Why did you pick MIT?
I chose MIT because of the community of graduate students. It felt like a supportive environment to learn and develop as a scientist.

What are your favorite things about the Cambridge/Boston area?
Biking along the Charles River.

What’s something that surprised you about life here?
The wildly active intramural hockey league at MIT!

Real Talk: What’s been your biggest challenge since coming to MIT?
My biggest challenge has been balancing work and life! It is very easy to get consumed by all of the exciting opportunities related to our work but it is important to take time for things to enjoy outside of lab!

What was your favorite part of your first year at MIT?
My favourite part of first year was sailing on the Charles at lunch in the summer.

What is your favorite thing about your cohort?
I loved that everyone was eager to hang out outside of lab, coming up with creative ways to have fun!

Why did you join WIC?
To meet more women in the department.

What’s your favorite WIC program or event?
The MIT-Merck Women in Chemistry Symposium.*

What’s your go-to for self-care in quarantine?
Spending too much time knitting.

*Victoria organized this joint symposium with Merck last year and was also organizing it again this year. Unfortunately, the COVID-19 pandemic has prevented it from being held this year as-scheduled.

 

Our series “Get to Know WIC” was inspired by MIT CADI, who did a similar series for their members. Thanks for the idea!

Get to Know WIC: Erica Tsai

Erica is a fourth year grad student in the Buchwald Group at MIT and a member of WIC. Originally from the East Bay Area in California, she’s been on the East Coast for nearly 8 years now, after having migrated to Princeton for her undergrad. She’s an avid amateur dancer, Animal Crossings fanatic, experimental baker, and people lover.

Why did you pick MIT?
I chose MIT for a number of reasons! Beyond the research, I felt a connection with the people I met here, and really loved Boston/Cambridge. I also really appreciated the infrastructure that the Institute provides.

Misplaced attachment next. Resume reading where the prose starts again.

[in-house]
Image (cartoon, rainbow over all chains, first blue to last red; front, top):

What are your favorite things about the Cambridge/Boston area?
I’m a big fan of how easy it is to get places via public transport! While the T isn’t perfect, it’s a big step up from the sparse system available in the suburbs of San Francisco. I also love all of the local small restaurants.

What’s something that surprised you about life here?
I’ve never been in such a cerebral city as a whole, and it’s been awesome to just be going about my business off campus (before COVID-19 of course) and hear so many conversations about quantum physics, drug development, etc.

Real Talk: What’s been your biggest challenge since coming to MIT?
I’ve always been involved in a bunch of different things and divided my time between research, classes, friends, clubs, and more, so concentrating on focusing my time on one thing was (and still is) definitely a point of improvement!

What was your favorite part of your first year at MIT?
I really enjoyed living in the dorms and getting to know my cohort that lived there too! A bunch of us would walk to class together in the mornings, which is something I miss now that we all live throughout the city.

What is your favorite thing about your cohort?
I love how communicative and supportive we all are. I’ve never felt any significant tension among our entire year. I think this was something established really early on; we (the Organic division) were all very transparent about which groups we were interested in, and effectively sorted ourselves and all got our first choice. We also all met up this past winter after our 4th year proposals to celebrate, despite it not being an “examination.”

Why did you join WIC?
I’ve always wanted to give back to the communities I’m in, and I really respected the drive of the members in WIC. Beyond hosting events and socials for the women in the department, WIC has been exceptionally proactive about talking to the administration to improve/expand upon programs (such as being a major player in the [Statement of Values]).

What’s your favorite WIC program or event?
I really love the Mentorship Program (which is now department-wide)! It was really helpful to me to have someone I could go to for anything as a first year, and I love meeting members of the new class each year as a mentor.

What’s your go-to for self-care in quarantine?
I’ve been playing an unhealthy amount of Animal Crossing, but I’ve also been cooking and reading a lot more now that I’m at home!

 

Our series “Get to Know WIC” was inspired by MIT CADI, who did a similar series for their members. Thanks for the idea!

Get to Know WIC: Mikaila Hoffman

Mikaila is a second year grad student and member of the WIC outreach committee. She’s from Pittsburgh, PA, and went to undergrad at Oberlin College (in the middle of nowhere Ohio). Here at MIT, Mikaila works for Prof. Gabriela Schlau-Cohen studying conformational dynamics of a bacterial transmembrane receptor protein using single-molecule spectroscopy. She is excited about applying physical chemistry tools and frameworks to understand complex biological systems.